My wife and I took our 1 year wedding anniversary trip to Naha Okinawa. Thanks to the nikkei scholar’s wedding present (travel tickets) and the piled up miles that we had, this trip was almost payed for.
As we traveled from south to north of the island, I was able to see many of these beautiful sculptures so that I decided I would take a picture of every Shisa that I saw on our trip.
Shisa(シーサー, pronounced as Shiisaa) is a traditional Ryukyuan decoration, often found in pairs, resembling a cross between a lion and a dog, from Okinawa mythology. Many people put a pair of shisa on their rooftops or flanking the gates to their houses. Shisa are wards, believed to protect from various evils. When found in pairs, the shisa on the left traditionally has a closed mouth, and the one on the right an open mouth. The open mouth to ward off evil spirits, and the closed mouth to keep good spirits in.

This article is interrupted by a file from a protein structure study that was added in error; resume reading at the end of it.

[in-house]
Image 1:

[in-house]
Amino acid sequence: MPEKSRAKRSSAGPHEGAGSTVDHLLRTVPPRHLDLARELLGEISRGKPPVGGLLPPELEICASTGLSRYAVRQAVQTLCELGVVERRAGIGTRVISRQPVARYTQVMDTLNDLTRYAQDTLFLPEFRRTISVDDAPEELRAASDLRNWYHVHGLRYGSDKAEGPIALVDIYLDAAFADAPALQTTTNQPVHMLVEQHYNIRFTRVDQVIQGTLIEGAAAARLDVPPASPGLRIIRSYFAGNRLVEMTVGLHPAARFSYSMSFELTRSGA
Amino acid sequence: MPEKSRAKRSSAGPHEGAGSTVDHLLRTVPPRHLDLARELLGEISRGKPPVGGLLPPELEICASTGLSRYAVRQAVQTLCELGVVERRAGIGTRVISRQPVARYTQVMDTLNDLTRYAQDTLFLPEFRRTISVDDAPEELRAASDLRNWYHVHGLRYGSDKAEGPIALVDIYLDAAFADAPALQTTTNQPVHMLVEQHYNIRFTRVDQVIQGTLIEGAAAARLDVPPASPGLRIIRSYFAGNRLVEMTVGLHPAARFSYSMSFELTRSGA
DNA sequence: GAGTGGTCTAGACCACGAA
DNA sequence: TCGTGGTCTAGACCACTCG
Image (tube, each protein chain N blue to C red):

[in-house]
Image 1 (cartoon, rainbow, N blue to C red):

Originally pairs like these were called “shisa and guardian dogs”: the right with its mouth opened is the guardian, the left with its mouth closed is the shisa. Gender is assigned in various manners to the shisa. Some Okinawans believe the male has his mouth closed to keep bad out of the home, while the female has her mouth open to share goodness. Others believe the female has her mouth closed to “keep in the good,” while the male has his mouth open to “scare away the bad”
[flagallery gid=2 name=”Gallery”default][flagallery gid=1 name=”Gallery”default_int]